Did you know... research indicates that the prevalence of mental health issues in California youth is increasing while percentage of kids receiving assistance has declined since 2010. There are various factors contributing to this problem, and the overwhelming surge of electronics isn't exactly helping. From iPads and iPhones to television and video games, children are imprisoned in a virtual world. Ultimately, exacerbating their emotional, psychological, social, academic, and athletic problems.

In order to mitigate this problem which is turning into an epidemic, children need to be provided with an environment where they can regularly:

1) engage in social interaction 

2) participate in physical exercise 

3) develop a skill that can enhance their self-esteem

Statistics

Did you know that most schools do not screen students for mental health issues? Even when students are successfully identified, community-based mental health treatment options are not always sufficient in providing the help needed.

In 2014, the federal government announced $48 million in new grants to support teachers, schools and communities in recognizing and responding to mental health issues. Still, many students’ mental health problems continue to go unidentified and untreated. In fact, just 38 percent of youth with a mood disorder such as depression or bipolar disorder receive treatment services, which is a significant number considering that 50% percent of mental health disorders begin before age 14, and 75% before age 24. Ultimately, affecting the learning and school experience for all children.

Other disorders of childhood and adolescence that, if untreated can have a marked effect on students’ ability to learn and function in the school environment include:

  • 75% of social phobia manifests by age 15

  • 75% of separation anxiety disorder manifests by age 10

  • 75% of oppositional defiant disorder manifests by age 14

  • 75% of ADHD manifests by age 8

Anxiety disorders like social phobia can make students twice as likely to drop out or fail a grade; ADHD, mood and anxiety symptoms and disruptive behavior at age 6 predict math and reading achievement at age 17; and combinations of mental health disorders (including substance abuse) are predictors for low levels of lifetime educational attainment.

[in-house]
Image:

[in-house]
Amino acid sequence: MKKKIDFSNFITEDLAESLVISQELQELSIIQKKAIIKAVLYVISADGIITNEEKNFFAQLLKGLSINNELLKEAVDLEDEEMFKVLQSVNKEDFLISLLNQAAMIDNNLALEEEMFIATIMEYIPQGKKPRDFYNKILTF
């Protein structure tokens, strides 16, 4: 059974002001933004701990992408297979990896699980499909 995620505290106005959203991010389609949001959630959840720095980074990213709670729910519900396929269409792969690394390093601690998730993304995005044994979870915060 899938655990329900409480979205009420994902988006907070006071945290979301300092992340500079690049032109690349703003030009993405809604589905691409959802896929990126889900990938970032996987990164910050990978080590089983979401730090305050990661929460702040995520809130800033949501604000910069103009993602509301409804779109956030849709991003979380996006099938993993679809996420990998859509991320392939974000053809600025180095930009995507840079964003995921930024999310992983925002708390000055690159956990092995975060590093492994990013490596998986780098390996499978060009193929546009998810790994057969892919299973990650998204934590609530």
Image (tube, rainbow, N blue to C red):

Facts about mental disorders in U.S. children

  • ADHD, behavior problems, anxiety, and depression are the most commonly diagnosed mental disorders in children

    • 9.4% of children aged 2-17 years (approximately 6.1 million) have received an ADHD diagnosis.

    • 7.4% of children aged 3-17 years (approximately 4.5 million) have a diagnosed behavior problem.

    • 7.1% of children aged 3-17 years (approximately 4.4 million) have diagnosed anxiety.

    • 3.2% of children aged 3-17 years (approximately 1.9 million) have diagnosed depression.

  • Some of these conditions commonly occur together. For example:

    • Having another disorder is most common in children with depression: about 3 in 4 children aged 3-17 years with depression also have anxiety (73.8%) and almost 1 in 2 have behavior problems (47.2%).

    • For children aged 3-17 years with anxiety, more than 1 in 3 also have behavior problems (37.9%) and about 1 in 3 also have depression (32.3%).

    • For children aged 3-17 years with behavior problems, more than 1 in 3 also have anxiety (36.6%) and about 1 in 5 also have depression (20.3%).

  • Depression and anxiety have increased over time

    • “Ever having been diagnosed with either anxiety or depression” among children aged 6–17 years increased from 5.4% in 2003 to 8% in 2007 and to 8.4% in 2011–2012.

    • “Ever having been diagnosed with anxiety” increased from 5.5% in 2007 to 6.4% in 2011–2012.

    • “Ever having been diagnosed with depression” did not change between 2007 (4.7%) and 2011-2012 (4.9%)

 

Improving the mental health of California's students is one of the main objectives of the California Mental Health Services Authority (CalMHSA). CalMHSA's statewide prevention and early intervention (PEI) activities, funded by California counties using resources from the Mental Health Services Act of 2004 (Proposition 63), promote a range of strategies and activities to help California's K–12 public schools better address the mental health needs of students. As part of an ongoing examination of CalMHSA PEI initiatives, RAND surveyed K–12 principals to take an inventory of student mental health in California's public schools, both in terms of the mental health and wellness needs of students and the types of programs schools are most often implementing to help students. California K–12 school principals responded about the severity of a range of problems related to students' mental health:

  • More than three-quarters of the principals who responded to the survey—across all school levels—cited students' “social, emotional, and mental health” as a moderate or severe problem at their schools.

  • More than 60 percent of high school principals and nearly one-half of middle school principals reported “student depression” as a moderate or severe problem among their students.

  • One-quarter of high school principals and 16 percent of middle school principals reported “student attempted suicide” as a moderate or severe problem.

  • High school principals indicated significant concern about alcohol, drug, and tobacco use, with more than one-half of high school principals reporting alcohol and drug use as a moderate or severe problem.

Other moderate or severe problems cited by one-third to one-half of principals across all levels included disruptive behavior, harassment and bullying, and family violence and abuse.